As a special innovation, we also created a transcript of the podcast this time. Freely following the motto: “If you don’t want to hear, you have to read” 😉
Andre: Welcome to the Data Stefan and The Schmitz Podcast. Our topic today Prolion Restore Manager. Have fun!
Stefan: Hello Andre!
Andre: Hello Stefan
Stefan: and of course, Hello dear listeners, we have an extraordinary guest for you today, and we have invited the Murat from ProLion.
Stefan: Servus Murat
Murat: Hello Stefan, hello Andre, greet you
Andre: Welcome, Murat. We invited you for a particular reason. In 2020, NetApp introduced the new ONTAP 9.8, a feature called SnapMirror to S3. This means that I can now mirror all my data on-premises on my NetApp into an S3 target. And there’s the big question who controls the whole thing? And how do I get back to the files when I get them back?
Murat: Yes, we can definitely help with our solution with the Restore Manager. And yes, the Restore Manager is our solution that we have been using for many years or that NetApp customers have been making available to create a catalog around an index of the NetApp snapshot. And now with the ONTAP 9.8, we also have full support for the topic SnapMirrorCloud and then provide a solution with the Restore Manager to build exactly this relationship, to use this relationship, and also to be able to manage, which also pushes the topic data towards S3 and also retrieves it from S3.
Andre: What is special about the manager of ProLion as opposed to Veeam or CommVault? Can they do that at all?
Murat: So what we do with the Restore Manager is like all our other solutions. We always go to the APIs of the NetApp, the APIs that The NetApp provides us with. And here, in this special example of the Restore Manager, we go to the SnapDiffv3 API. The SnapDiff API is an API that is only available for NetApp alliance partners. And with this Native API, we have exactly the possibility to analyze the NetApp snapshots once to index them. And we use this API for two solutions, one the RestoreManager and one our DataAnalyzer. And that’s where the crux is in there. We are allowed to use the SnapDiff V3 API and have developed our solution accordingly in this direction.
Andre: Murat A short question What’s behind this SnapDiff API?
Murat: So yes, the SnapDiff API gives us exactly the opportunity. Stephan And these yes to access the NetApp snapshot and look into these NetApp snapshots and much of what we do in this case with the Restore Manager make it to build a central file catalog of erm yes all files that are in the SnapShots. This gives us the opportunity to search for individual files. Then it goes down again with different filters to search for individual parameters. What file do I want to find here? By file name, by file types? By size? When was a file created, when was it deleted, et cetera. All these filter possibilities I then have in the Restore Manager in the portal, so to speak. We let the Restore Manager crawl through the snapshots once via the Snap Diff API and create a database in which all this, yes, all this information is then stored. The Restore Manager then accesses them at the end of the day and knows exactly what about it. What snapshots do I have on my systems, what data is, and what data are in these snapshots? Of course, it is on my NetApp Primary System, is it on my Secondary System, or is it on S3? And just over this surface, I have the possibility to select the whole and then control the restore over it.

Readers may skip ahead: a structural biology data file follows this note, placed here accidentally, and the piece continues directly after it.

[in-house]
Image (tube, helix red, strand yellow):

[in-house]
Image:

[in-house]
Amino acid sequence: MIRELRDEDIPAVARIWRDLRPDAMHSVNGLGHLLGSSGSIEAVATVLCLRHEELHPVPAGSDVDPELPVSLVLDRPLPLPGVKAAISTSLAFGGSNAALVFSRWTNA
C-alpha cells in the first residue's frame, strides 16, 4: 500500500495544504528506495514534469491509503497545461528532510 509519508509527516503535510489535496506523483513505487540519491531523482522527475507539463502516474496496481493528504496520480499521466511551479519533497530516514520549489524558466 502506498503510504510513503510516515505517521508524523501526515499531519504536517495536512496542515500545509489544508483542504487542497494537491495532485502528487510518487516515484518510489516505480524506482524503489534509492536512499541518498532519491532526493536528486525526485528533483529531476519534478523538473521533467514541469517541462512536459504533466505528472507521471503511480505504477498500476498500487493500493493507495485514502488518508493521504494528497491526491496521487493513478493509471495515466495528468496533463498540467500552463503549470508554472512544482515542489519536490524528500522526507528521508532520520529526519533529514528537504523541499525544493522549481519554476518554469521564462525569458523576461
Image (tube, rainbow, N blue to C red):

Andre: Now the Murat hasn’t answered the question, what SnapDiff is exactly, so I’ll do it to Stephan. So SnapDiff, as the name suggests, shows the difference between two snapshots, and I think the Restore Manager goes in and looks at the changes, which have been there so that everything doesn’t have to be recataloging again and again. Speaking of cataloging, Murat. Where does this Restore Manager work? Is this a cloud application, or how do I imagine it?
Murat: So the Restore Manager is an application that can run anywhere in quotation marks. Basically as a virtual machine in the customer environment itself, but also, of course. Yes, it can also be made available as a Baremetal server with or can be installed. And then, it runs in the customer’s environments to access the NetApp systems here.